Just more than 50 years ago, Edinburgh University men beat Glasgow’s Pearce Institute 68-66 at Portobello High School to win the Scottish Cup for the fourth time in six final appearances.
That team, including several Mormon divinity students from the USA, were the last EU men to pick up the coveted trophy first contested in 1947 and first won by Edinburgh University in 1949.
Tomorrow, at the Lagoon Centre, Paisley, at 5.15pm, an Edinburgh University team containing just one American, sharp-shooter Ron Adrian, will bid to wrest back the cup by defeating local heroes St Mirren.
They will also seek to set up the first half of what could be a unique double for the Capital students as, on Sunday at 3.30pm, EU women will be firm favourites to retain their trophy against first time finalists St Andrews University.
For most of the last half century EU have only contested local league and inter-university competition but two years ago there came a change of heart.
Increased support from the University, particularly for the women, has resulted in a big impact on the national scene.
“It’s a terrific achievement for the team to reach the final in only their second season in the national league,” says men’s coach Danny Costello, whose team lie in fourth place in the league and are not totally out of contention.
“Although not reflected in their league position, St Mirren have arguably the strongest, tallest and best balanced team in Scotland so we’ll have to be at our best.”
Costello is no stranger to cup finals having been victorious six times with Edinburgh Kings, but neither is Saints coach Stuart Glass, whose side lost narrowly to Falkirk Fury in a high-scoring 99-96 shoot-out at the same venue last year.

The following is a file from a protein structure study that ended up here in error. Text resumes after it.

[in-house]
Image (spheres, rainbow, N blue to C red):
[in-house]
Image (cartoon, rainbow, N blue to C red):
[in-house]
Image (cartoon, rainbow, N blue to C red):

“We like finals,” he says.
However, EU have beaten St Mirren both home and away in the league this season.
EU women’s coach Bart Sengars is the only full-time pro coach in the league and has followed up his team’s cup success in their rookie season – they beat Scottish League champions Edinburgh Kool Kats 70-59 in the 2015 final – by taking them on an unbeaten run in Scottish games this campaign, their nearest to defeat coming at St Andrews when they were taken to overtime.
More importantly in terms of their targets they are becoming a real force in the British Universities Northern Premier Division, which comprises some of the best teams in Britain.
“While last year we needed an upset to win, this year we’re favourites – that’s a new situation for us but surely one that we can handle,” says Sengars.
“If we keep sharing the ball the way we have been of late I’m confident we can win.”
Back in the EU team after a year in Vancouver, when she was unlucky enough to suffer anterior cruciate ligament damage which required an operation, GB junior cap Hilary Wood cannot wait for Sunday: “It’s good to be back playing with such a hard-working team and it means a lot to us, and me personally after my knee injury and coming back to Scotland, to have made the final.
“We’ve been playing really well recently and hopefully we can play like that on Sunday,” said the former Polonia Phoenix point guard, who is one of three in the team who have had recent ACL surgery.
Another is Sarah Halejian, who leads in assists and helps their top scorers Erin McDonnell and Dori Lansbach find the basket more easily, according to coach Sengars.
There is more Capital interest in the Junior Men’s final on Sunday (1.15pm) when Edinburgh Kings will be favourites to beat second division side West Lothian Wolves, who have done remarkably well to reach this stage.
Wolves also contest the cadette women’s final against St Mirren tomorrow (10.30am) and the junior women’s v Glasgow Rocks (12.45pm) while Lothian Phoenix play St Mirren Warriors in the wheelchair final tomorrow (3pm).
Boroughmuir Blaze complete the Capital array, playing Stirling Knights in the cadet men’s final on Sunday (11am).